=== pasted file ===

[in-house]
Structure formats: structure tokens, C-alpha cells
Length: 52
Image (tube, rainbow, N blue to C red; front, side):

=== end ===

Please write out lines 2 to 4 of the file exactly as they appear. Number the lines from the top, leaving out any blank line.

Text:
Structure formats: structure tokens, C-alpha cells
Length: 52
Image (tube, rainbow, N blue to C red; front, side):